Vitamin supplements taken by millions of people every day for their health could be increasing their risk of death a new Danish-led study suggests.
The study is published in the Journal of the American Medical Association.
The international research team reviewed the published evidence on beta carotene, vitamin A, vitamin E, Vitamin C and selenium. The team was led by Dr Goran Bjelakovic, from Copenhagen University Hospital, Denmark.
These dietary supplements are marketed as antioxidants and people take them in the hope they will improve health and guard against diseases like cancer and heart disease by eliminating the free radicals that cause “oxidative stress” and damage and kill off cells.
Antioxidants are also marketed as anti-aging products because they are thought to slow down the aging process.
Some studies have suggested that antioxidants are beneficial to health, while others, mostly larger clinical trials, have concluded they have no effect on health and say in some cases that taking too many of them can be harmful.
In this study, Dr Bjelakovic and colleagues did a meta-analysis on research published before October 2005.
Meta-analysis is a way of sifting through published studies against a quality standard that looks at a number of reliability criteria such as potential for bias. Then the ones that pass the standard are taken through a statistical process to find out if they are saying something consistently reliable. There can be several levels of “sifting”, each producing a more reliable and robust set of evidence.
In this case the researchers followed a method established by the Cochrane Collaboration, a group of 6,000 health care specialists who review biomedical trials and other research projects.
They started with 815 clinical trials of which 68 passed the first level of quality standard. At this level the results were inconclusive. The supplements were found to have no effect on death risk one way or the other.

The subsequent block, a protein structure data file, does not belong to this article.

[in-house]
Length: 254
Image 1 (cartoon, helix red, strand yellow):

They then went back and eliminated 21 of the trials, leaving only the “low-bias” ones. This was the next level of quality standard.
At this level of meta-analysis the results were different.
When looked at separately they found that Vitamin A increased death risk by 16 per cent, beta carotene by 7 per cent and Vitamin E by 4 per cent. The results for Vitamin C were not so clear, but by looking at the best quality trials there was a suggestion that it increased death risk by 6 per cent, either on its own or in combination with other supplements.
The figures from the best quality trials on selenium however showed that it might reduce death risk by 10 per cent, either on its own or in combination with other supplements, but this was not found to be statistically significant.
The overall conclusion of the study was that on balance, the best quality research shows that beta carotene, vitamin A and vitamin E may increase mortality risk, but vitamin C and selenium need further study.
A spokesperson for the supplements industry said the research was “flawed” because it included studies conducted on people who were already very sick.
The researchers say there are several potential reasons for these results. One is that the free radicals that are thought to cause the oxidative stress are the byproduct rather than the cause of disease. Another is that they may play an important role in the immune system and eliminating them could be counterproductive.
The researchers pointed out that the studies they examined only used synthetic supplements, and therefore their observations and conclusions do not apply to natural antioxidants such as those found in fruit and vegetables.
They added however that this study is important for public health reasons because between 10 and 20 per cent of people in Europe and North America take dietary supplements.
Nutritionists say that instead of taking supplements the best way to protect your health is to eat a balanced diet and to get all the vitamins you need from your food.
“Mortality in Randomized Trials of Antioxidant Supplements for Primary and Secondary Prevention; Systematic Review and Meta-analysis.”
Goran Bjelakovic, Dimitrinka Nikolova, Lise Lotte Gluud, Rosa G. Simonetti, and Christian Gluud.
Vol. 297 No. 8, February 28, 2007
Written by: Catharine Paddock
Writer: Medical News Today